Weeping and crying is a crucial part of a healing process.‎ Releasing emotions, otherwise remaining imprisoned in the heart,  returning to ‘haunt’ the individual when a sound or sight prompts memories.

Happiness certainly can bring about tears of joy! Remembering vividly joyous moments, sharing them with a loved one who also has vivid recollections of an event.

Heartfelt
In conclusion, be aware, but not obviously alert to someone who may need some comfort because of an unpleasant memory.

Uplifted Heart
Join in the laughter and pure thrill of remembering a truly wonderful happening that can bring about a heart full of ecstatic thoughts and a few watery eyes.

The heart plays a major role in our lives and should never be overlooked. Follow the heart. It leads emotions and guides those who believe in its gentle influence.

Lift up your hearts. Attract positive vibes.

Simon Lever
Simon Lever
Prior to his retirement, Simon engaged in software and services sector search and recruitment for American companies around Europe. He has retained the enjoyment of engaging with people from other countries and cultures. His energies are now directed towards voluntary community activities, journaling, and exhibition stewardship. He is a Featured Contributor for BizCatalyst 360°. As an Exhibition Steward, at the 1000-year-old Winchester Cathedral, he is responsible for guiding visitors from the world over, around the award-winning 'Kings and Scribes Exhibition', which includes the 900-year-old Winchester Bible. The exhibition introduces visitors to Winchester's historical significance as a former capital of England. Simon's journaling activities are published on BizCatalyst 360° and accompanying posts on LinkedIn, He acknowledges the inspiration afforded him by Carol Campos of Massachusetts: Life Strategist, Writer, and Intuitive Business Leader who introduced him to writing with feeling; from the heart. Simon's forté is creative writing; the accent on the natural environment, transforming feelings, emotions, sights, sounds, and scents of Mother Nature's landscape; hills and rivers and woodland into words, transporting the reader to the locations. Essays include accounts of his life in former days. Instinctively writing in such a spontaneous manner, descriptions become life-like. His often emotionally charged writing, whether describing a surreal 'Son et Lumière' at the Grand Place in Brussels to experiences acquired during European business travel. Journaling and Exhibition Steward activities are his key sources of inspiration and creativity. Kindness is ever more important, where he is a promoter of Shelly Elsliger PPCC's 'Decide to be Kind' Campaign. Simon champions Positivity, Empathy, and Kindness and has been described as a 'Beacon of Positivity'.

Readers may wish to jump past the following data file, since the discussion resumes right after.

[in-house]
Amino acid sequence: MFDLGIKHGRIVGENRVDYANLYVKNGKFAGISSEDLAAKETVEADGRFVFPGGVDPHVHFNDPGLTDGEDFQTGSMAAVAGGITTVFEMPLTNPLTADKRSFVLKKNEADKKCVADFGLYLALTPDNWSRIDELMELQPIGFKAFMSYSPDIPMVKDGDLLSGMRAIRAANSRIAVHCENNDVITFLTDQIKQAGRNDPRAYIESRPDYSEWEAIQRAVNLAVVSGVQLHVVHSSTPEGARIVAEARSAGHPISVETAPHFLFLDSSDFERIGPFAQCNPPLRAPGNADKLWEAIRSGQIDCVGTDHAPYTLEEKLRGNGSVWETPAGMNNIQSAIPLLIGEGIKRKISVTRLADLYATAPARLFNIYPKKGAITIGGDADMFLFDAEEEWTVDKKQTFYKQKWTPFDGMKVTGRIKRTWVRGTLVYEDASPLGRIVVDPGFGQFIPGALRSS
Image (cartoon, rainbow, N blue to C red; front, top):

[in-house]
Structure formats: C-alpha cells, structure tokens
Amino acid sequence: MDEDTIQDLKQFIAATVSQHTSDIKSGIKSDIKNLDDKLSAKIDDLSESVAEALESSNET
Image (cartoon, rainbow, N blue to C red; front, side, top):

6 COMMENTS

  1. Tears of stress and frustration contain a higher level of cortisol (I believe) than they normally do. I don’t know if something similar has been analyzed for tears of joy. But you raise a very good question, Simon, why do we cry when we are happy? Is it a signal to others that our heart is touched?

    I have a thing with organ music. Better stock up on handkerchiefs before heading to any service, joyful or not.

    • Dear Charlotte,

      I really do appreciate your comments which are so meaningful and also make answers even more pertinent. The heart certainly rules. But the same reaction (tears, not negative or positive emotion) are a direct link. Yes, some music; organ music can certainly call for a handkerchief! Music is certainly a stimulant and accompanied by a movie enhances the emotions, brining both senses into play, with the conductor being the heart.

  2. I really loved this, Simon. I’m a huge fan of having a good ol’ big cry. There are times when I’m feeling down or anxious and can’t put my finger on the cause. At those times, I often look for a movie (or a scene in a movie) that I KNOW will evoke tears. It doesn’t always look pretty, but I feel so much more at peace.

    • Dear Carol,

      Thank you so much. Evoking tears viewing a movie, plus the music will as you say bring about tears. Tears are therapeutic, releasing emotions and gracing the heart. The heart will respond, edging on the tears, but tears of sadness and tears of happiness are linked by some form of entity when understand not. The 1945 movie ‘Brief Encounter’ staring Celia Johnson and Trevor Howard is accompanied by the undulating music of Rachmaninoff’s Concerto for Piano -2- makes it challenging not to prompt watery eyes. It is one of my favorite movies, Black and white too! The English is gloriously ‘clipped’ – rather delightfully ‘posh’. Thank you everso, Carol. Great chatting with you the other day!!